She exalts the company culture, as well. “You don’t have too many companies in America where people stay for so many years. All those people are like Henry’s children multiplied. He groomed them. They would kill for Henry. I can fuel that fire, but I am just a humble messenger for my husband’s vision. I could not do it unless I had this family.”
She’s also realistic about the challenges all retail centers face. “I think retail is so difficult. To be cutting-edge we look at what are new trends online. There are all those young 20 to 30 or whatever name you give them, and we study them,” she said of Millennials. “They don’t even want to go shop. They want to leach off of their parents, take the phone date at night and have a good dinner, but we also need to be appealing to them, so whether it’s a mixed-use urban development environment, we keep them there so they can actually go to the store and touch the fabric and have the experience of luxury. We need to look into all those new things. It’s a little scary but if you want to be the best you need to reinvent yourself. We have to have the courage and guts and maybe we will fail but at least we tried.”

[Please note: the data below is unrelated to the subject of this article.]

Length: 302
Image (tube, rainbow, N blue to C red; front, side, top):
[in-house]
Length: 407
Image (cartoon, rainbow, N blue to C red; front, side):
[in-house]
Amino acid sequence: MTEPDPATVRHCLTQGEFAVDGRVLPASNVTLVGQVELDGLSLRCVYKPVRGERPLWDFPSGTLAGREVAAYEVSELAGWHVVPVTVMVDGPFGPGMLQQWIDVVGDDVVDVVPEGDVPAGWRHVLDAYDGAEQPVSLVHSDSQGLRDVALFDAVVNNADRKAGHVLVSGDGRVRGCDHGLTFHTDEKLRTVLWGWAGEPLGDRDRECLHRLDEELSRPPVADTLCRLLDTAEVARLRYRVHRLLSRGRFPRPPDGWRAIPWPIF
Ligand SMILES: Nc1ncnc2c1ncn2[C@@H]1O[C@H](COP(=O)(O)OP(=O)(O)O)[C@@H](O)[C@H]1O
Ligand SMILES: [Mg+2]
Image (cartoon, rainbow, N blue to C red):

Segerstrom also travels the world to get inspiration from other cultures. “I think it’s very important not to get caught up in your head with my husband’s legacy and vision. I think Henry would want to make South Coast Plaza something people can come and enjoy no matter how many designers we change, because Gucci will have a fantastic designer this year, but it might change next year. But again, it’s the experience of being able to come in, have that little coffee, sip of drink, check the designers, meet your girlfriend and do nothing but have a wonderful look at the ocean and the air and just enjoy it.”